Expeditions

The Fool’s Day Roads

on
April 13, 2018

Not being patient enough to wait up for the warm days, we gave up to the growing urge and went to observe the next part of our land’s forlorn beauty.
The short route had been chosen, but it came out to be tricky in the end)))
The first thing we found was the fact that the assphalt had been gone just as the snow had… Naturally, it was hard to expect anything else. However, the snow wasn’t gone everywhere, and that was the fact we weren’t ready for.

The first part of the program was to visit some ruins in Petropavlivka village.
So we arrived to the necessary turn, and realized that it wasn’t there))) That is, no one had obviously been there since the snow had fallen. The snow level was way above the rooftop – literally. The tyres were regular; there was no ram – so there was no way for us to go through))).
The existing road led to another village and we decided to ask around – and maybe find the alternative road to Petropavlivka; the google maps stated that there was one way only. We were very curious – was it a “dead village”, or would we find some hermits there?)))
In the end the available village wasn’t much better))) We took the slow pace around it, stopped, knocked on the doors and windows, but no one responded and no one walked out.. There were only dogs barking – so the dark thriller associations were inevitable)).
At the end of the village (which consisted of about 5 or 7 yards) we happened to see some man walking towards us. So we used our chance to ask about the way to Petropavlivka.
“I don’t know”, – he said. “I am the beekeper. Now, the men – they do know”. There came the question about the difference between beekepers and men; and the following one – where could we possibly miss any of them around.
We turned back – and yep! – there they were, indeed; they stood like marmots – one man near every yard))).
So we learned from the marmot men that the road does exist, but requires taking quite a bit of a side-off – about 60 or 70 kilometers. So we decided we didn’t really want to visit Petropavlivka that much))).
The next point was – the 1910 Dimitry Solunsky Church in Katerynivka village.
On the way there we were lucky to meet a pack of large feathered predators. I don’t know the exact name(((. The photo-hunt took quite a while; the birds would get scared (somehow lazily, though) and circled above the road while finishing their lunch:

We came to Katerynivka and the adventures began)))
Apart from the church we found the whistling-hissing sound of the air getting through a self-tapping screw top)

Just the same as in Bobrove, the building here was falling apart and the locals we met were confident about the impossibility of it being saved. They said it was to their pity, but it would have been better to demolish it and to re-build it again after.
We will leave the level of professionalism in the terms of re-construction without comments, but it was somewhat scary to walk inside, indeed.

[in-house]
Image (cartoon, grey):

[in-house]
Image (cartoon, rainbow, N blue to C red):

Luckily, the problem with the tyre was not so sad as the church visit “aftertaste”. We replaced the tyre, but decided to find some tyre-fitting service and fix it – the disks differed, and so did the tyres (the difference was not drastic, but still).

And, naturally, the services were just about everywhere! Just kidding.
We were forced to head off to Burluck – there happened to be at least one of them. And we didn’t lose much time.
Next we planned to visit the Gnilitsya Pervaya (the first) village. The place we were looking for was the Church of John the Baptist, built between 1905 and 1912.

Now, the thing was rather strange – with an odious touch. The bright green was far from being a joy to one’s eyes, the ancient stones were thrown around everywhere. It seemed that the restoration process had been started; we did not manage to take a look inside, though. So there were no other impressions except a few plastic loophole-windows…

The following spot to visit was the Church of the Intercession of the Holy Virgin in Gnilitsya village. All we know about the date of construction – is that it was “not earlier than 1812”. It is very curious to know – did they argue over the matter of who was to be counted “the first”?))
The road kept granting us with surprises – the sun was shining over the little river’s surface, the rest of the snow tunnel played with all the colours of the spring coming, and the birds singing could be heard despite the tightly shut windows.
I have no idea how the locals manage to move around, but our way resembled the one of a drunken silly mouse.
We followed the map route until the snow field. We turned back to the road crossing, and tried another road until the soaking black soil part; we turned back once again while the navigator was pointing his finger into the window and stating: “this field – is the road number one, this ravine is the road number two…”
In the end of those mouse wandering efforts the alternative way was finally located)))
We even managed to arrive to the next spot before the dark hours))

So there was a cube on the hill, a tiny river flowing nearby… Some idyllic view it was; the only disruption of it was the Patrick driving up and down the hill just to avoid boredom.

There was absolutely nothing interesting overthere((. We walked around, filmed it and headed off home. The way back did not grant us with any adventures, which we were absolutely happy about))))

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Olga Dzyuba
Kharkiv, UA

Hello! My name is Olga, nice to meet you! In this blog, I am talking about our travels to beautiful and unusual places in Ukraine and beyond. Well and the history of these places. I sincerely believe that it is possible to find something interesting anywhere - just look at the outside world from different angles)))
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